Original title: Unsere Mütter, unsere Väter (Our Mothers, Our Fathers). Debuted 2013.
As the US goes through its own reckoning with the Black Lives Matter movement, Generation War is about Germany’s own reckoning with its own racist past. Five friends, right before Operation Barbarossa, gather at bar in Berlin and vow to meet again before Christmas.
This made-for-TV series stars Volker Bruch, before his role in Babylon Berlin (yet another show exploring Germany’s sordid history). He serves as the narrator as events unfold. His character, Wilhelm Winter, is a Lieutenant in the German Wehrmacht who has watch out for his younger brother, Friedhelm) played by Tom Schilling who is more interested in literature than fighting the Russians.
The other three main characters include Charlotte (Miriam Stein)who signed on to be nurse on the Eastern Front, Greta (Katharina Schutter) who desires to be singer, and Viktor Goldstein (Ludwig Trepte)–a Jew who finds acceptance among his friends but soon realizes he must leave Germany. They are portrayed as protagonists caught up events beyond their control.
It’s an ambitious series: covering the events of the main characters from June 1941 to May 1945 in 4 hours and 30 minutes. In that time we witness the beginning and end of Operation Barbarossa, the Battle of Kursk, and the final collapse of the Third Reich.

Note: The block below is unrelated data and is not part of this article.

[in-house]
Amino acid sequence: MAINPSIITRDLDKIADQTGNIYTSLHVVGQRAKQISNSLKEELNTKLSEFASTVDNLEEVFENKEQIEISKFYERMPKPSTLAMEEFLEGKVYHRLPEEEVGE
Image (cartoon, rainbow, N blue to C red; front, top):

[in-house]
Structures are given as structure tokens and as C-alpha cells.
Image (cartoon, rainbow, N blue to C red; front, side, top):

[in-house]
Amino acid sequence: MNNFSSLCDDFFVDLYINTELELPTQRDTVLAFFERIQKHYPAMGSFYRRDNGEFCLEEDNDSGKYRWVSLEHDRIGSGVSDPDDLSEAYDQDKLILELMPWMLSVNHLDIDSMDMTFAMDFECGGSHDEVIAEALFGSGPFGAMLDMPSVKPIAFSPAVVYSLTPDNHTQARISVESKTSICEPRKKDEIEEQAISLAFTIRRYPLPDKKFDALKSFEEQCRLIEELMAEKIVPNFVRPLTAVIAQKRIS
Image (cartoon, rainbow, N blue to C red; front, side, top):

Its almost too ambitious. It put a lot in and left a lot out and at times, lacked certain amount of focus. The characters don’t age, nor does the war wear upon their good-looks.
One result is secondary characters become almost like cardboard cut-outs with little depth, and even stereotyped. Viktor Goldstein, for example, ends up with the Polish Resistance who turn out to be as anti-Semitic as the Nazi. The real truth is far more nuanced.
Another result: because its expected though implausible, their paths cross throughout the series. When Greta performs on the Eastern front for the troops, guess who else is there in exact same place? Winter, Wilhelm, and Charlotte. Who would have thought?
We do not ever see a single concentration camp. We see Jewish prisoners aboard a train (including Viktor). One character mentions that the trains go to certain destinations full but come back empty.
Consider Generation War a primer about Germany’s role in World War II, told by the perspective of Germans, which encourages further inquiry. I enjoyed it, despite certain implausibilities.
Its worth watching once, though I may see it again for further examination.